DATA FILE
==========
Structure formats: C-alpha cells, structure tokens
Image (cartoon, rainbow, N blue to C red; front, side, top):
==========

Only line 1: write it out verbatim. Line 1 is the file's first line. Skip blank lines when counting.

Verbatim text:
Structure formats: C-alpha cells, structure tokens